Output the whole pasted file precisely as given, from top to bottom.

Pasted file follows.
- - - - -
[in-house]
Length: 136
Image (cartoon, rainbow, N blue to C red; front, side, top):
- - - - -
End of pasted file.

[in-house]
Length: 136
Image (cartoon, rainbow, N blue to C red; front, side, top):